Monday, August 17, 2009

The Jungle by Upton Sinclair

On the back cover of my copy of The Jungle, there was a quote by Upton Sinclair (1878-1968) which read:
I wrote with tears and anguish, pouring into the pages all the pain that life had meant to me.
I think that this quote sums up the book for this is how I felt as I read this book. It was quite sad and incredibly moving. It has been a long time since a book moved me enough to actually cry. I cried not only because of the obvious reasons of the pain and suffering that these characters went through but also because it was so thought-provoking. In a very real way, it describes the unfairness of life and the sheer struggles of poverty. It is also gruesome and horrifying in many ways as well. I realize that it is most likely considered sensationalized like an example of a "muckraking" novel since Sinclair was known as a socialist journalist, but it still captivated me. I couldn't help but read what he had written.
The Jungle was published in 1906. According to Wikipedia:

The novel was first published in serial form in 1905. "After five rejections", its first edition as a novel was published by Doubleday, Page & Company on February 28, 1906, and it became an immediate bestseller. It has been in print ever since.
The novel follows the life of Jurgis Rudkus who with his family, Ona, Elzbieta and her children, Marija and Jonas immigrates to the U.S. and in order to provide for his family he starts right off working in Chicago's meat packing plants. At first he is a young and capable hard worker but as he continues his menial job in the meat packing plants he learns and sees things that he wouldn't ever want to know of. The stress of the long working days and what he experiences wear on him but he continues for the good of his family. His options are very limited and a language barrier also proves to be very difficult in his ability to express himself which leads to a fear of being cheated and more frustration of not understanding all that he feels he should be able to. He continues to work hard in order to overcome these barriers in order to find a way to survive. All of this leads to a combination of decisions that the family desperately try to make together but in the end leads to more trouble for all of them.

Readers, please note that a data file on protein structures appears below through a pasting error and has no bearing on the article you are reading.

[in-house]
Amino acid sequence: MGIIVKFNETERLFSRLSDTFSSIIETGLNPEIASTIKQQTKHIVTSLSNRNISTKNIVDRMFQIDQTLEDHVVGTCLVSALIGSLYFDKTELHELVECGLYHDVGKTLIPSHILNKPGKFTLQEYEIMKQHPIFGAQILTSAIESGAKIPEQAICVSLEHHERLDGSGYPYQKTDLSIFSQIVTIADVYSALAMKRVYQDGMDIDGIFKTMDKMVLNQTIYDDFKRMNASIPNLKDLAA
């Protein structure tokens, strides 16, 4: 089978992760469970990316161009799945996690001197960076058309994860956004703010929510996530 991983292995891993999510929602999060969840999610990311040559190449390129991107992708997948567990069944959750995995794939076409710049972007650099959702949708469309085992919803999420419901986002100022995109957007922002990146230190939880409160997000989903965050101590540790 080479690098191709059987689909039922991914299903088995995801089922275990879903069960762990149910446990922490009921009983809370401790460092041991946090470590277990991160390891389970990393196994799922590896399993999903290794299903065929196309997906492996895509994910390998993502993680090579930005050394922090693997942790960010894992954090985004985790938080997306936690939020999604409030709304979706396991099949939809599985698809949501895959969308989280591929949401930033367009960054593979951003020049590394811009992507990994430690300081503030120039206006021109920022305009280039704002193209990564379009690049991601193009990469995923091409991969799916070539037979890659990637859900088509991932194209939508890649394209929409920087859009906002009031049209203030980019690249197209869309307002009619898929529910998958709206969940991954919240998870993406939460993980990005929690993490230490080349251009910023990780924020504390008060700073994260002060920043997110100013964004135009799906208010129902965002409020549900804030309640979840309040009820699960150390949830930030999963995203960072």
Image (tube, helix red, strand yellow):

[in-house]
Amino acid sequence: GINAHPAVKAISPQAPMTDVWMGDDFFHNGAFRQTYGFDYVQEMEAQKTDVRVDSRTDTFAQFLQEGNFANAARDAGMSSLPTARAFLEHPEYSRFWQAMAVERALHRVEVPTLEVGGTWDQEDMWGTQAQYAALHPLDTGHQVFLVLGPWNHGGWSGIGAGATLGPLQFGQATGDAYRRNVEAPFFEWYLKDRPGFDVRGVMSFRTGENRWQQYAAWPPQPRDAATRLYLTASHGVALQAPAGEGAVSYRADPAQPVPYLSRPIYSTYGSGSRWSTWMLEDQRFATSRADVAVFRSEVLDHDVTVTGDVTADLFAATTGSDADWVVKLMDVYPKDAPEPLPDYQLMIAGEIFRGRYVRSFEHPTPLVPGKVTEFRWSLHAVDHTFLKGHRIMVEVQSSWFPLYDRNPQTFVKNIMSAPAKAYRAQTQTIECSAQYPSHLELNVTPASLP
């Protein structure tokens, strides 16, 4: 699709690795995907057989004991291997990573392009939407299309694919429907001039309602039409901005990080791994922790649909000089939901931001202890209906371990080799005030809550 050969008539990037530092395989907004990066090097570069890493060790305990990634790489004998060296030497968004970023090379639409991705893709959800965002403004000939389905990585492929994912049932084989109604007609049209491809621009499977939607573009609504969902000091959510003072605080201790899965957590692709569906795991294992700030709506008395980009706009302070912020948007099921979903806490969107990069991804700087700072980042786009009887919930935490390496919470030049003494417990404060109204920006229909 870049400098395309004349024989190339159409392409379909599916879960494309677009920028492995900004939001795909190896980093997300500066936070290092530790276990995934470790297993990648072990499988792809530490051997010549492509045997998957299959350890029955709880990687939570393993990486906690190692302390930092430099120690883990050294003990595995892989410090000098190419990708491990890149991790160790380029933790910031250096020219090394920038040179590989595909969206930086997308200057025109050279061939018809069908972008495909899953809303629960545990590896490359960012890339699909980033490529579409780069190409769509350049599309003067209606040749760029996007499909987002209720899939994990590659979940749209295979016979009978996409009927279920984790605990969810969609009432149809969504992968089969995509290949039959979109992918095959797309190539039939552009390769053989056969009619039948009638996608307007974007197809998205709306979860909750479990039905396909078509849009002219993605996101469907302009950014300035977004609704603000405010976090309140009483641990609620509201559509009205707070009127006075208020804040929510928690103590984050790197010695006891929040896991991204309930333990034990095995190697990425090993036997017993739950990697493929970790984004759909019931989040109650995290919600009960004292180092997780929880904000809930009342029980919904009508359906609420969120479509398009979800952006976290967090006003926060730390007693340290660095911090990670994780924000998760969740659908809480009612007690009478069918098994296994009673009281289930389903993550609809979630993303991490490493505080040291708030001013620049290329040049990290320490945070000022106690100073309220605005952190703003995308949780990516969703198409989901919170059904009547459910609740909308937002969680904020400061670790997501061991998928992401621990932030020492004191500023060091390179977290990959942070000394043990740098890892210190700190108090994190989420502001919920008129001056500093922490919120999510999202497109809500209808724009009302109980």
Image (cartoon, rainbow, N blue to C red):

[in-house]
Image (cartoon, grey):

Although, the descriptions from the meat packing plants were awful I also didn't like the descriptions from when Jurgis gets a job in the fertilizer plants. At that time, the meat packing descriptions were what attracted the attention of the public and eventually demanded legislation. Sinclair had actually wanted change for the workers at the time and had stated:

I aimed at the public's heart, and by accident I hit it in the stomach.
I understand that Sinclair was hoping to promote socialism, which is quite evident in the latter part of the book, and necessary help for the poor but I am glad for today that change was brought about for the food industry, owed in part perhaps to this book for the meat packing industry, and that we now have an FDA.
Overall, this is a compelling read and a definitive classic.

In the back of the book, Dr. Barry Sears who wrote The Zone which is another book about our U.S. diets and the food industry, sums up this book best with his quote:

Sinclair showed the power that one man writing a book can have to change a nation. It is a rare accomplishment, and it makes The Jungle a testimony to the power of the written word to transcend far beyond and change the very fabric of a society.
413 pages, My rating: 4 stars

Jason's point of view

2 comments:

Amanda said...

Thanks for bringing all your good comments to the book club. I totally cheated that day. As Ivy would say, "ZERO!"

Julie said...

Thanks, Amanda. I really hoped that it went alright. I was a bit worried about it. I think you always do a great job with the book club, btw. I do hope Ivy is doing alright.
Thanks for always reading my book reviews.